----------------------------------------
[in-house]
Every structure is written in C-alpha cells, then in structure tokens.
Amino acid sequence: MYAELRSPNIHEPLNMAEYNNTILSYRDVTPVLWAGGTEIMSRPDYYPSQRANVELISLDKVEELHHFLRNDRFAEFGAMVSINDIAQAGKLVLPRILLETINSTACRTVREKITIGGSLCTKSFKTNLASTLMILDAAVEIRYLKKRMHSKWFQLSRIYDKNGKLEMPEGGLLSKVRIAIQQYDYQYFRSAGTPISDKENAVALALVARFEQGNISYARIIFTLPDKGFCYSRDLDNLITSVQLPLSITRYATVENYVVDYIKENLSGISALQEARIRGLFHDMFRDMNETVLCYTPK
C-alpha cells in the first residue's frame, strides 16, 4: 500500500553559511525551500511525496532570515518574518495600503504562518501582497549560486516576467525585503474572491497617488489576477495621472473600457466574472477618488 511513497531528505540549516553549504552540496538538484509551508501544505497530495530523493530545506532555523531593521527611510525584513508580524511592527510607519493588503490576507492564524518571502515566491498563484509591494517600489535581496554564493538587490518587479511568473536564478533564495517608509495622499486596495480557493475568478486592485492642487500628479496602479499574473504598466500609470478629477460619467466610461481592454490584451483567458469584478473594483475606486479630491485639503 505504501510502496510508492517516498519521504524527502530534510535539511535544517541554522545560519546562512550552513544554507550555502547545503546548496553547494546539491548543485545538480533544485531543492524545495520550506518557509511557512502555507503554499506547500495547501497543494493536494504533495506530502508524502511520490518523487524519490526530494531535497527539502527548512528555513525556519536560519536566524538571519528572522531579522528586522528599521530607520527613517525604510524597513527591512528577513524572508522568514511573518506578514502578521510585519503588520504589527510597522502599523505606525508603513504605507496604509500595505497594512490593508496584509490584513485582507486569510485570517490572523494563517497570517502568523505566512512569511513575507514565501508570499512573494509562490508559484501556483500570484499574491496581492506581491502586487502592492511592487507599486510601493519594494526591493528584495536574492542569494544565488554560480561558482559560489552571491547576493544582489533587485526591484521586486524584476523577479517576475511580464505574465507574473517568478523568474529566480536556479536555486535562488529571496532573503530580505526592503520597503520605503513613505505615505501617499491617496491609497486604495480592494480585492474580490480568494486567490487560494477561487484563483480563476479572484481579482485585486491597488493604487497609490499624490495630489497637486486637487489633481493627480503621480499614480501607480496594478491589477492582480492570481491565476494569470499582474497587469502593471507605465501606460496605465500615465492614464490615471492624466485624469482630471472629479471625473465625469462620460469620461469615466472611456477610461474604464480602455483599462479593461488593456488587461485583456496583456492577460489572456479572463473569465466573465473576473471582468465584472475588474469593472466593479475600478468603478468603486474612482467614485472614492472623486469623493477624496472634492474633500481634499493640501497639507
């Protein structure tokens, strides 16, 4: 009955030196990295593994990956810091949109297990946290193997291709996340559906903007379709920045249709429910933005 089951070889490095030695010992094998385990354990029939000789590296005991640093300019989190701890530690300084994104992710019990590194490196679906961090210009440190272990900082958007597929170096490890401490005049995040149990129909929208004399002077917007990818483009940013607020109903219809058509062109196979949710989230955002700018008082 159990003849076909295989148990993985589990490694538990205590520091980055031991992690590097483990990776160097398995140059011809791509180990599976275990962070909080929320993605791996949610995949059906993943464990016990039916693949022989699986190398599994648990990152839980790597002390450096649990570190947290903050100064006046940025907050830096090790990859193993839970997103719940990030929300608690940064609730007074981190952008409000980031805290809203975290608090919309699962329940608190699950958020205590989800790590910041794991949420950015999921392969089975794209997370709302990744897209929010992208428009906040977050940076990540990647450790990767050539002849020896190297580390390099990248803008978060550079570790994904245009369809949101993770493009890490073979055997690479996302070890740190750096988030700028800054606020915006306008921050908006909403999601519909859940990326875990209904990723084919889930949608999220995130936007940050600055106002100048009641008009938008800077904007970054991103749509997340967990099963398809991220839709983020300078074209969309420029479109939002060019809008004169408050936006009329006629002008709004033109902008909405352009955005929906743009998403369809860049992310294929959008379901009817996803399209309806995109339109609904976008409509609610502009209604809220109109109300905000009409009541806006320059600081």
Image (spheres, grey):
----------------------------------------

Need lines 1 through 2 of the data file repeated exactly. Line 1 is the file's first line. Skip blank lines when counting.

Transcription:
[in-house]
Every structure is written in C-alpha cells, then in structure tokens.